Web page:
What to Know
- A gun battle took place outside a stopped Route 56 SEPTA bus on Torresdale Avenue Thursday morning.
- Officer Donald Revill was shot in the arm, police said. He was awake and talking while being treated at the hospital.
- The gunman was hospitalized in critical condition after being struck multiple times, police said.
A Philadelphia police officer was struck in the arm and a gunman was critically hurt as a gun battle erupted outside a SEPTA bus full of passengers along a busy street in the Wissinoming section Thursday morning.
Police initially responded to a report of a man with a gun on Comly Street near Torresdale Avenue around 10 a.m. Thursday.
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An officer saw a man matching the gunman's description boarding a Route 56 bus, police said. That officer relayed that info to other 15th District officers who spotted the bus about a block away on Torresdale near Howell Street and blocked its path.
The man then pointed a gun at the officers, later identified as eight-year veteran Officer Michael Kilroy and nine-year veteran Officer Charles Schuck, after they boarded the bus, Philadelphia police said said.
The veteran officers quickly retreated and exited. The gunman followed them out and began shooting, prompting the officers to fire back, Philadelphia Police Capt. Sekou Kinebrew said.
During the melee a third 15th District officer, later identified as 37-year-old Donald Revill, got into a "tussle" with the gunman, wrestling him to the ground.
At some point, Revill was shot in his right forearm, Kinebrew said. Revill was awake and talking as he was being treated in stable condition at Jefferson Torresdale Hospital. He walked out of the hospital early Thursday afternoon.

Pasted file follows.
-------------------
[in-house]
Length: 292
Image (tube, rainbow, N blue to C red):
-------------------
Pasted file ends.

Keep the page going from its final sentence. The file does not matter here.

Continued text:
Initial investigation indicated each of the two initial responding officers fired at least three shots, Kinebrew said. The suspected gunman, identified as Walter Farrell, was struck multiple times in his body.
Officers scooped up the 54-year-old gunman and rushed him to Temple University Hospital, police said. He was listed in critical condition.
Revill never fired his weapon, police said.
The bus driver flipped the message on the outside message marquee to "Call 911," SEPTA officials said. That action activated SEPTA's emergency center.
About 15 people were on the bus at the time, SEPTA spokesman Andrew Busch said. None of them were hurt.
After being allowed off the bus, passengers on the bus described what they heard and saw, including several gunshot being fired.
A group of teenagers who were headed to school were among the passengers on the bus. They were reunited with their parents briefly after being held on the bus. They were then led into a waiting police van so they could be questioned.
At least one passenger said he learned of the armed man on the bus because a message shared by the driver on the digital board on board the bus.
The shooting took place after the bus stopped and a police officer approached the door, the passenger said.
"I'm not gonna lie, I feared for my life," the witness said.
A large police presence descended on the area after the shooting, which is just feet from various businesses. Police officers could be seen going onto and off of the stopped bus.
There are additional community resources for people or communities that have endured gun violence. Further information can be found here.